Multiplex PCR is a difficult technique that allows amplification of two or more products in parallel in a single reaction tube. This technology was first described by Chamberlain et al., in 1988, and has since been applied in diverse research areas, including analyses of deletions, SNPs, mutations, microsatellites, polymorphisms, pathogen identification, linkage analysis, gene expression, and forensic studies (Table).
Multiplex PCR, if sensitive enough, can be used to amplify and detect a single copy of a nucleic acid sequence and may also be used for both end-point and real-time PCR applications.
Multiplex PCR ensures standardization in certain experiments because identical reaction conditions and template amounts are used, pipetting and cycling condition variations are eliminated, and reliable comparison of results from a large number of fragments is achieved.
It also saves time and reagents for researchers performing large numbers of PCRs, hence its wide usage in various genotyping applications. However, certain challenges need to be addressed before the full potential of multiplex PCR can be explored.
Amplification of low copy-number target sequences in parallel with more abundant sequences is often limited by the generation of nonspecific PCR products and primer–dimers, and by the amount and quality of template DNA.
The establishment of optimal PCR parameters is the main factor influencing the success or failure of multiplex PCR. Traditionally, multiplex PCR has required extensive optimization of annealing conditions, enzyme amount, primer and probe concentrations, and buffer composition for maximum amplification efficiency of each target, leading to increases in costs and analysis time.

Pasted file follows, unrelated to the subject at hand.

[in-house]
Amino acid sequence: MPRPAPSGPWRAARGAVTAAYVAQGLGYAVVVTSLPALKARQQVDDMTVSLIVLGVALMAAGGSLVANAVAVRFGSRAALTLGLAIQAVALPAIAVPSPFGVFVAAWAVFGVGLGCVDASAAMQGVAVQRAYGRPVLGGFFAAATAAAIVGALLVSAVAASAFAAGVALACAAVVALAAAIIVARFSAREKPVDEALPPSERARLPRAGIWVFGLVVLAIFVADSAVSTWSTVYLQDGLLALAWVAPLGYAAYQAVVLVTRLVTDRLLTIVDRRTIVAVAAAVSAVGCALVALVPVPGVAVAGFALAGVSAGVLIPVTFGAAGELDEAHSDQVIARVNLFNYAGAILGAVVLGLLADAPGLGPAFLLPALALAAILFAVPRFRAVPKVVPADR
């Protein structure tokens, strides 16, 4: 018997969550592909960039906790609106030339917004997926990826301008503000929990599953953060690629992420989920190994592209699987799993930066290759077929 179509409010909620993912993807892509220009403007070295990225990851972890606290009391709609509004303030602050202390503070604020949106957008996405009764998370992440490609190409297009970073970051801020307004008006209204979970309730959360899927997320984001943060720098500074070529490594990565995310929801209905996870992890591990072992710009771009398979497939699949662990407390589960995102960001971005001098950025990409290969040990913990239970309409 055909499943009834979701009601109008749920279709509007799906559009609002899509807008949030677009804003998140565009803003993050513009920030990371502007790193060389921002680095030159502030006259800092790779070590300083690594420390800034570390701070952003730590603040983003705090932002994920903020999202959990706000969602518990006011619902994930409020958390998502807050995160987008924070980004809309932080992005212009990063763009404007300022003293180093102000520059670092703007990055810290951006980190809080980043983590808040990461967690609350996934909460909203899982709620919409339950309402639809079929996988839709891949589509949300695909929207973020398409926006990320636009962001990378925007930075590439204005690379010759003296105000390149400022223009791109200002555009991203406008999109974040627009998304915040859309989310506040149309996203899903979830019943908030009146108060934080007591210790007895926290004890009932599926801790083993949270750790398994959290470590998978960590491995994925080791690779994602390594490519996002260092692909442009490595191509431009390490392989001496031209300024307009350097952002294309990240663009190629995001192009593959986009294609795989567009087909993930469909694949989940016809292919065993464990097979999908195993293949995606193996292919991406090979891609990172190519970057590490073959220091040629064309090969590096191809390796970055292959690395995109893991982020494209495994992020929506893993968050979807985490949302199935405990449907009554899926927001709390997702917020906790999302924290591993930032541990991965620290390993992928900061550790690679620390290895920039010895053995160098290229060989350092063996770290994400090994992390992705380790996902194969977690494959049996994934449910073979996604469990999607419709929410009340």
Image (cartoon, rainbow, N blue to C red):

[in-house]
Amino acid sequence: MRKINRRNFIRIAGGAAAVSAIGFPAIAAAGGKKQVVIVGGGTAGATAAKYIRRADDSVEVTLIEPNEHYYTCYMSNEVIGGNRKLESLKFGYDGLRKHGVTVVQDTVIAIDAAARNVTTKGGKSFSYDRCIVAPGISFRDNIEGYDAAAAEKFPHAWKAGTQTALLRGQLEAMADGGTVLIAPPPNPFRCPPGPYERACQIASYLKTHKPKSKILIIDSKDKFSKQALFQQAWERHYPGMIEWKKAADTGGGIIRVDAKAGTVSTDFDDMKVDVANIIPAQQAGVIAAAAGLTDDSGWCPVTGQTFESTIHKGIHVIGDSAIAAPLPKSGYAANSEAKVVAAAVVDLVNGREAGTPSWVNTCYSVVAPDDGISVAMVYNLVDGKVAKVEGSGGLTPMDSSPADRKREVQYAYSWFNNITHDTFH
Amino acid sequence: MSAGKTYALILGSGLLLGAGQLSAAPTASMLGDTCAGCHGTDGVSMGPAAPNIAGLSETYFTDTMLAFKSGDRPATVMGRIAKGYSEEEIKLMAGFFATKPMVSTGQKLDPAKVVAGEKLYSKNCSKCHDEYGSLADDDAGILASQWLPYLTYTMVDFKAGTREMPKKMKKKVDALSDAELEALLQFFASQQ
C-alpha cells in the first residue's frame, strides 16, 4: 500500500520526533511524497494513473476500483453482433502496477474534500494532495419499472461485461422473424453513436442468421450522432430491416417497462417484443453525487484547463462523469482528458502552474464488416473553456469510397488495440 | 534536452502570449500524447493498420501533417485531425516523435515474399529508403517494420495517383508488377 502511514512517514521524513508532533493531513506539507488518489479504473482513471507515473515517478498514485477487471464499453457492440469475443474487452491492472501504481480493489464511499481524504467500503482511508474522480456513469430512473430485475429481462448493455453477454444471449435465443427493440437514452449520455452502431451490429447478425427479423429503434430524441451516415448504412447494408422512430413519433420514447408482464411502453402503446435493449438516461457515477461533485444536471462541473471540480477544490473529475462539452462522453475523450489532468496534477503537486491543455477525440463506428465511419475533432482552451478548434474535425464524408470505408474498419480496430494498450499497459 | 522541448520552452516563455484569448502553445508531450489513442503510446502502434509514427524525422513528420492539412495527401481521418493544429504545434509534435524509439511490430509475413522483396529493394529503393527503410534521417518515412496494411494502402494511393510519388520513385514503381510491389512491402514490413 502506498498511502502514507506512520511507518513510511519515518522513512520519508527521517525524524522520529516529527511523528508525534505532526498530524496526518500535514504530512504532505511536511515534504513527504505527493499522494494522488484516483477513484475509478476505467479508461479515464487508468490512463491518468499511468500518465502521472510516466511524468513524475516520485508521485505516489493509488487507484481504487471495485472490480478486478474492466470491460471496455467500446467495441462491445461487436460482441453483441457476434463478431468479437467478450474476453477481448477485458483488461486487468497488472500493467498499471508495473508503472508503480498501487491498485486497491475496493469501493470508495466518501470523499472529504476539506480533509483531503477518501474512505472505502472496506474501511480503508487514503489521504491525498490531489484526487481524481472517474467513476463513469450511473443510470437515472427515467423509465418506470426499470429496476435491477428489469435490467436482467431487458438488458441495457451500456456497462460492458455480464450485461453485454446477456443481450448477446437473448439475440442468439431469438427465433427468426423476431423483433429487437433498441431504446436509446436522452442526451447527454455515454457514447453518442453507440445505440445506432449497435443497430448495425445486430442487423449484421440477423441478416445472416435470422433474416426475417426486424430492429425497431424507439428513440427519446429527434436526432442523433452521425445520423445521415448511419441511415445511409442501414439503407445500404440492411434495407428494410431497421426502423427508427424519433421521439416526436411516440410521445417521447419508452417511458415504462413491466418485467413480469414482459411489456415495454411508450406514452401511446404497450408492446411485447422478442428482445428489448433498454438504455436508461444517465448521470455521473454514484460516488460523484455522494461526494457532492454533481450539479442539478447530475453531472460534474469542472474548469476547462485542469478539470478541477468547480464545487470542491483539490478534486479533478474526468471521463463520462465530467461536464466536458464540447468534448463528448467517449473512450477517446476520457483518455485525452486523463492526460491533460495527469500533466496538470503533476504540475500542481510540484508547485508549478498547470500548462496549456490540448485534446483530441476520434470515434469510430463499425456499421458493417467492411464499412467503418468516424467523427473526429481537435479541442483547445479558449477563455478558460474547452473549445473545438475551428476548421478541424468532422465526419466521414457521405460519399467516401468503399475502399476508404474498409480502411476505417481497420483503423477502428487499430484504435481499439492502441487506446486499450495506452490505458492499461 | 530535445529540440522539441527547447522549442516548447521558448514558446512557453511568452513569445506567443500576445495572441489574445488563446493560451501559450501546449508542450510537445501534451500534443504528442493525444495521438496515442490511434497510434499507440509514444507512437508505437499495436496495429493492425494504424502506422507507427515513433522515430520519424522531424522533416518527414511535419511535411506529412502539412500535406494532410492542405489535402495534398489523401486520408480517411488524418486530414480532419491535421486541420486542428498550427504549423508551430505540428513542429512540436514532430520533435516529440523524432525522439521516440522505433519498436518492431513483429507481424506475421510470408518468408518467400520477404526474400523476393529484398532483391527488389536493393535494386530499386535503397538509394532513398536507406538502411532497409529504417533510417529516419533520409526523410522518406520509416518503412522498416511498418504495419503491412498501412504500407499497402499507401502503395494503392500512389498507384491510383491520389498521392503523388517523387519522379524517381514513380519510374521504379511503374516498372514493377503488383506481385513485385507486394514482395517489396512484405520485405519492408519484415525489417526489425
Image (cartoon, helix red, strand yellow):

Compared with standard PCR systems using only two primers, an additional challenge of multiplex PCR is the varying hybridization kinetics of different primer pairs. Competition for reagent resources and the resulting artifacts can be potential problems in multiplex PCR.
Primers that bind with high efficiency could utilize more of the PCR reaction components, thereby reducing the yield of other PCR products. This often leads to unamplified DNA sequences and the absence of expected PCR products, eventually leading to false-positive or false-negative results.
In addition, traditional separation technologies (such as agarose slab gels) often do not provide sufficient resolution for post-multiplex PCR analysis and are not always optimal for separation of amplicons that differ by just a few base pairs.
Not addressing these bottlenecks leads to poor sensitivity, nonspecific amplification, and biased amplification of selected targets—challenges that scientists often encounter when initially setting up a multiplex PCR system, which involves several rounds of optimization with unpredictable success.